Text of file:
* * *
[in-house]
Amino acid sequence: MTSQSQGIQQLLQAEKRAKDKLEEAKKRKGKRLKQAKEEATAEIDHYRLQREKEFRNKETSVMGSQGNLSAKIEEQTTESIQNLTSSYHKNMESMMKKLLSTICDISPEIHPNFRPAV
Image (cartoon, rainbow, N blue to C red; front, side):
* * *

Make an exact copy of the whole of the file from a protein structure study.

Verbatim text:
[in-house]
Amino acid sequence: MTSQSQGIQQLLQAEKRAKDKLEEAKKRKGKRLKQAKEEATAEIDHYRLQREKEFRNKETSVMGSQGNLSAKIEEQTTESIQNLTSSYHKNMESMMKKLLSTICDISPEIHPNFRPAV
Image (cartoon, rainbow, N blue to C red; front, side):